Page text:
Bullying prevention is complicated. Sometimes it seems that it’s bigger than all of us but it’s not insurmountable. We have an untapped army out there. If we start training bystanders to start stepping up from an early age, we’ve got a shot at creating safe and caring school climates.
Read on. We can learn from the pint-sized upstanders in this story.
I was talking to a mom of a six-year old yesterday. Believe it or not, her first grader has been on the receiving end of true bullying behavior since Pre-K. Everything from emotional manipulation to punching and kicking.
She admitted that in Pre-K her daughter was “a biter.” She didn’t feel she could address this situation appropriately in Pre-K because she had to work on her own daughter first. (Don’t you love honest and realistic parents?) She was also a teacher before having children so she knew that what you do at home directly affects how a child acts in school.
Seems as if her own child matured beyond the biting stage but another little girl in her class didn’t. Now that they are in first grade, her little girl had already been this other girl’s target for two years. Once a light-hearted child ready and willing to go to school, my friend’s daughter was having stomach aches.
The mom went to the teacher many times and although the teacher promised to keep an eye on it, the problem continued. Like many bullying incidents, most of them were being done behind the teacher’s back.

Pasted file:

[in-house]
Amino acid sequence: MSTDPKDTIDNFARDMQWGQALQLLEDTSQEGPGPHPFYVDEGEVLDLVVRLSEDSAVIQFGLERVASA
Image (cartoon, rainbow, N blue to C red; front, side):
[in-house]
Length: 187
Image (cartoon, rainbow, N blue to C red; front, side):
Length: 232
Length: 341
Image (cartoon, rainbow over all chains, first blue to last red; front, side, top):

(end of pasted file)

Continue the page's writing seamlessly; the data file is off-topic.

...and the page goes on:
This seemed like a hopeless situation. My friend was projecting a long and miserable school experience for her daughter.
The teacher was beginning to treat my friend like one of those moms. She and the counselor started to blame the problem on her daughter being too sensitive. (As my friend pointed out, anyone becomes sensitive after being mistreated for two years.)
What turned this bad situation around? The little upstanders in the classroom. Without “tattling,” the other classmates set the teacher straight. They told the teacher the truth. Everything that my friend’s child was trying to communicate to the teacher and counselor was true.
Then the principal stepped in. She took the 6 year-olds at their word and the little girl was suspended for a few days. They’re working on a strategy for the rest of the school year and next year.
Number One: Make sure they know the difference between tattling and reporting. The first is something you do to get someone in trouble; the second is telling the truth to make sure someone doesn’t get hurt (emotionally or physically.)
Number Two: Children know how to manipulate their parents. Make sure they know that “telling” on a sibling or friend isn’t cool if it’s solely to get their brother, sister or friend in trouble. Telling you about something that will be helpful to correct a situation is very different and should be encouraged. (If you have siblings, I don’t need to explain any further. Most of us let a little jealousy get the best of us when we were kids. That “green-eyed monster” is part of growing up but it needs to be called out.)
Number Three: Catch them in the act of doing something good. The children in that first grade class should be complimented for stepping up. Of course, not at the cost of hurting their classmate’s feelings (kids shouldn’t be labeled as “bullies”) but because they told the truth and it helped the situation.
Principals, teachers and counselors should be trained in nurturing little “upstanders.” It’s called leadership.